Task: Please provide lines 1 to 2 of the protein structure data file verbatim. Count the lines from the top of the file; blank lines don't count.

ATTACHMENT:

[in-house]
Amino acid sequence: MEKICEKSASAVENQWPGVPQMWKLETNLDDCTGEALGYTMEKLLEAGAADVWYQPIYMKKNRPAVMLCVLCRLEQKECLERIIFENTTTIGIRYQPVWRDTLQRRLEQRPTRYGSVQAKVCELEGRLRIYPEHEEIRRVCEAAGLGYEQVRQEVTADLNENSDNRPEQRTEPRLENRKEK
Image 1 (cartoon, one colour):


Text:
[in-house]
Amino acid sequence: MEKICEKSASAVENQWPGVPQMWKLETNLDDCTGEALGYTMEKLLEAGAADVWYQPIYMKKNRPAVMLCVLCRLEQKECLERIIFENTTTIGIRYQPVWRDTLQRRLEQRPTRYGSVQAKVCELEGRLRIYPEHEEIRRVCEAAGLGYEQVRQEVTADLNENSDNRPEQRTEPRLENRKEK